Wednesday, April 29, 2015

Eurocrypt 2015: Bootstrapping for HElib

Fully homomorphic encryption allows evaluation of arbitrary functions on encrypted data. In an FHE scheme, the ciphertexts are "noisy". This noise is necessary for security reasons, but can interfere with decryption if it grows too large, and the noise increases with each homomorphic operation. This means that there is a limited number of homomorphic operations which can be performed, and we then have what is called a Somewhat Homomorphic Encryption scheme (SHE). In this context, bootstrapping is used as a noise management technique to turn an SHE scheme into an FHE one. This is done by homomorphically decrypting the ciphertext before the noise grows too large, in order to reduce the said noise so that more homomorphic operations can be performed. It is implemented by augmenting the public key with an encryption of the secret key (under the public key) $Enc_{pk}(sk)$, then by a homomorphic decryption which results in a "fresh" ciphertext. Note that for this to work, circular security is assumed.

There are three generations of homomorphic schemes, the first being the scheme proposed by Gentry. Then, there are the packing scheme (which is faster asymptotically) and the small noise one. So far as we know,  slow noise growth is incompatible with the ciphertext packing technique. This paper implements the ciphertext packing scheme, described by [BGV12].

Quick overview of the BGV scheme

The parameters of the scheme are integers $m$, $p$ and $q$. The plaintext space is integers in the group $R=\mathbb{Z}[x]/ (\Phi_{m}, p)$, where $\Phi_{m}$ is the $m^{th}$ cyclotomic polynomial. Ciphertexts and secret keys are vectors in $R$, and we require $q$ to be much larger than $p$. A ciphertext $c$ encrypts a plaintext $m$ with respect to a secret key $sk$ if it holds that $m=[[ \langle c, sk \rangle ]_{q}]_{p}$, where $[.]_{p}$ denotes modular reduction in an interval centered around zero (rather than in ${0, 1, ..., p-1}$) and $\langle ., . \rangle$ stands for inner product. The homomorphic operations are done over $R$. The scheme is also parameterised by a sequence of gradually decreasing moduli $q_{i}$, where we perform a modulus switch in order to reduce noise levels (bootstrapping is then performed upon reaching the last modulus).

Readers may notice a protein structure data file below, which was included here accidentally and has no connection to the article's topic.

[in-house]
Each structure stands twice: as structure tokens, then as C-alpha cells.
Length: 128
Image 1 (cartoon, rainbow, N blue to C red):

Work presented

Bootstrapping for HElib which was presented today by Shai Halevi follows the method of [GHS12], and generalises it.  We take $q$ such that $q=2^{e}+1$ for some $e$ not too small. Recryption is done by storing $Enc_{pk}(sk)$ with respect to a larger plaintext space where $p'=2^{e+1}$. We then compute $u=[ \langle sk, c \rangle]_{2^{e}+1}$, and extract the plaintext as the xor of the least and most significant bits of $u$. $u$ is very easily and quickly computed, and it is the extracting of the most and least significant bits that is the most expensive part of the recryption procedure. It is done in three steps, the first of which is a linear transformation which outputs ciphertexts that have the coefficients of $u$ in the plaintext slots. Then a bit extraction operation is performed and an inverse linear transformation, which recovers a ciphertext encrypting the initial plaintext.

The linear transformations are achieved through imposing a hypercube structure to the group $R_{p}=\mathbb{Z}[x]/(\Phi_{m}, p)$ with one dimension per factor of $m$, where we recall that $p$ can be any prime power. The inverse linear transformation is implemented as a sequence of multi-point polynomial evaluations operations, one per each dimension of the hypercube. It can happen that some of these linear transformations are linear over the base field, but not over the extension. To avoid that, various constraints are applied to the parameters.


This paper generalises [GHS12] and [AP13] by extending their methods from the prime $p=2$ to any prime power $p^{r}$. The implementation presented supports recryption of packed ciphertexts, i.e. recryption of ciphertexts encrypting vectors of plaintexts. The procedure also has low enough depth so as to allow for a significant processing in between recryptions while remaining efficient. The ePrint version can be found here.


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